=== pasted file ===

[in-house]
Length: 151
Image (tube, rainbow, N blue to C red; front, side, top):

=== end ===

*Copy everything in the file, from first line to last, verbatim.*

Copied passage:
[in-house]
Length: 151
Image (tube, rainbow, N blue to C red; front, side, top):